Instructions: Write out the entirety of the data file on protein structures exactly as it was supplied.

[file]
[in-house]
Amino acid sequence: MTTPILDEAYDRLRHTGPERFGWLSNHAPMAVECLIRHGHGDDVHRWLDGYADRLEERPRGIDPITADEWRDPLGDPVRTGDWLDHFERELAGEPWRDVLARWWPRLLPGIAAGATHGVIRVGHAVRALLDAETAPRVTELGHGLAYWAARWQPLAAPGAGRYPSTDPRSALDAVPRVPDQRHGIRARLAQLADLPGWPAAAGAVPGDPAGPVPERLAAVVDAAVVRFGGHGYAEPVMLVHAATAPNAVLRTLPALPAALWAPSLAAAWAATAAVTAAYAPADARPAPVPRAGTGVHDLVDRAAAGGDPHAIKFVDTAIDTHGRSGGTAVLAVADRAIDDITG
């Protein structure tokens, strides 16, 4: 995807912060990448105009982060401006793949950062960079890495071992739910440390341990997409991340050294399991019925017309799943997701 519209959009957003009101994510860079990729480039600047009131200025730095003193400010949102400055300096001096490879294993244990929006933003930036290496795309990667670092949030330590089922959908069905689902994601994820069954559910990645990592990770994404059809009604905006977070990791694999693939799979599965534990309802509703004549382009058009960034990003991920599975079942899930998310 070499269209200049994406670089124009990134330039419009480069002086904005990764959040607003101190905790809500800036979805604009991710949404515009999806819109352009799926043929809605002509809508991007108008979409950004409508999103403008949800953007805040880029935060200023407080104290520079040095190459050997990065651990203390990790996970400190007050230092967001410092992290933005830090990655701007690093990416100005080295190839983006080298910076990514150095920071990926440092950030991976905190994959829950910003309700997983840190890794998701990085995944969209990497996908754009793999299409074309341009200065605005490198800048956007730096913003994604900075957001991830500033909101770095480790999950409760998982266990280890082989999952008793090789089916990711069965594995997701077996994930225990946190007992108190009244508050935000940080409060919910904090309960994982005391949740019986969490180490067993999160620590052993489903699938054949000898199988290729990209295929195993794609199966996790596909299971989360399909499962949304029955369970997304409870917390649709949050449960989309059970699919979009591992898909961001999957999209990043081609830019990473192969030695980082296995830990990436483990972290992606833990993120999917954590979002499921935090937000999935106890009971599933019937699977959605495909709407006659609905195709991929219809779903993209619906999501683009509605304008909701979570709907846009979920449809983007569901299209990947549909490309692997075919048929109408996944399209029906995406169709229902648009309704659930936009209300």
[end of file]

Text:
[in-house]
Amino acid sequence: MTTPILDEAYDRLRHTGPERFGWLSNHAPMAVECLIRHGHGDDVHRWLDGYADRLEERPRGIDPITADEWRDPLGDPVRTGDWLDHFERELAGEPWRDVLARWWPRLLPGIAAGATHGVIRVGHAVRALLDAETAPRVTELGHGLAYWAARWQPLAAPGAGRYPSTDPRSALDAVPRVPDQRHGIRARLAQLADLPGWPAAAGAVPGDPAGPVPERLAAVVDAAVVRFGGHGYAEPVMLVHAATAPNAVLRTLPALPAALWAPSLAAAWAATAAVTAAYAPADARPAPVPRAGTGVHDLVDRAAAGGDPHAIKFVDTAIDTHGRSGGTAVLAVADRAIDDITG
């Protein structure tokens, strides 16, 4: 995807912060990448105009982060401006793949950062960079890495071992739910440390341990997409991340050294399991019925017309799943997701 519209959009957003009101994510860079990729480039600047009131200025730095003193400010949102400055300096001096490879294993244990929006933003930036290496795309990667670092949030330590089922959908069905689902994601994820069954559910990645990592990770994404059809009604905006977070990791694999693939799979599965534990309802509703004549382009058009960034990003991920599975079942899930998310 070499269209200049994406670089124009990134330039419009480069002086904005990764959040607003101190905790809500800036979805604009991710949404515009999806819109352009799926043929809605002509809508991007108008979409950004409508999103403008949800953007805040880029935060200023407080104290520079040095190459050997990065651990203390990790996970400190007050230092967001410092992290933005830090990655701007690093990416100005080295190839983006080298910076990514150095920071990926440092950030991976905190994959829950910003309700997983840190890794998701990085995944969209990497996908754009793999299409074309341009200065605005490198800048956007730096913003994604900075957001991830500033909101770095480790999950409760998982266990280890082989999952008793090789089916990711069965594995997701077996994930225990946190007992108190009244508050935000940080409060919910904090309960994982005391949740019986969490180490067993999160620590052993489903699938054949000898199988290729990209295929195993794609199966996790596909299971989360399909499962949304029955369970997304409870917390649709949050449960989309059970699919979009591992898909961001999957999209990043081609830019990473192969030695980082296995830990990436483990972290992606833990993120999917954590979002499921935090937000999935106890009971599933019937699977959605495909709407006659609905195709991929219809779903993209619906999501683009509605304008909701979570709907846009979920449809983007569901299209990947549909490309692997075919048929109408996944399209029906995406169709229902648009309704659930936009209300």